Dayton Playhouse mourns loss of former leader Jim Payne

James “Jim” R. Payne, local educator and arts advocate who guided the Dayton Playhouse as managing director for 14 years, died March 3 after a lengthy illness. He was 82.

Born March 4, 1939, in Mt. Pleasant, Iowa, Payne was a graduate of Iowa Wesleyan College and Miami University. He also taught speech, drama and English at Colonel White High School. In addition to serving on the planning committee and helming the drama component of the Living Arts Center, a project created by Dayton Public Schools in the late 1960s and continuing through the mid-1970s, he directed or acted for Dayton Theatre Guild, Dayton Community Theatre and Dayton Repertory Theatre, as well as other community and collegiate theatres.

In 1980, Payne was named managing director of Dayton Playhouse. He was very instrumental in designing the current Playhouse location at Wegerzyn Garden Center. During his tenure, he developed the nationally-recognized FutureFest of new plays, created in 1991 to support the previously unproduced works of emerging playwrights. The festival, held annually in July and conceived by John Riley, produces six plays over the course of three days. He was also named a Lifetime Member of the Playhouse in 1991.

“Jim had great vision for the Playhouse and a loyal crew of volunteers as well,” said Dodie Lockwood, a member of the Dayton Theatre Hall of Fame and former Playhouse board member who implemented FutureFest with Payne and Riley among other volunteers. “It amazes me that FutureFest is still going. We couldn’t have done FutureFest without Jim. He deserves so much credit. Overall, nothing happened at the Playhouse if Jim didn’t want it to happen.”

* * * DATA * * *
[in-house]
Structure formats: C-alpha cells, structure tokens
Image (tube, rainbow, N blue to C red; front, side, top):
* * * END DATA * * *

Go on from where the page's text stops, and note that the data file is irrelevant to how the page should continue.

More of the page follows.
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In 2002, Payne was among the inaugural class of the Dayton Theatre Hall of Fame. In the span of his career, he directed 75 plays and musicals. After retiring, he became a talent agent with Jo Goenner Talent Agency.

“Jim was passionate, driven and funny,” recalled Greg Smith, a member of the Dayton Theatre Hall of Fame who served as Playhouse technical director during Payne’s tenure as managing director. “Seeing him inducted into the Theatre Hall of Fame was a highlight for me. My tenure at the Playhouse was better because of him. He will be missed.”

“Jim was legendary,” echoed Kevin Moore, artistic director of the Human Race Theatre Company. “He kept growing the Playhouse to what it has become today. He was smart, friendly and a perfectionist. We’ve missed him in the theater world for a while and we’re going to continue to miss him even now.”

Shortly before Payne’s death, Lockwood and Riley reached out to his friends to share reflections by way of birthday cards. Here are a few of those remembrances:







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“He will always be special to me,” Riley said. “He was the starting point of the second part of my life, and we did some great things together.”

“I was a little intimidated by Jim at first – he was confident, well-trained and had done many shows – but I came to love him very quickly,” Lockwood added. “I assistant directed lots of shows he directed and was in several shows as well. He really taught me a lot about acting and directing. He was a mentor.”

Payne is survived by his life partner James L. Hayden as well as his sisters Katherine Applebee and Christine (Milton) Baldridge along with many nieces and nephews. Payne and Hayden, affectionately known as “The Jims,” loved their Cabin-in-the-Woods and entertaining family and friends and their dog, Mitzi.

A visitation will be held Thursday, March 10 from 4 p.m. to 6 p.m. at Kindred Funeral Home, 400 Union Blvd., Englewood. Services will be held Friday, March 11 at 9:30 a.m. at Kindred Funeral Home. In lieu of flowers, friends are asked to consider a donation to the Dayton Playhouse, PO Box 3017, Dayton, 45401-3017.

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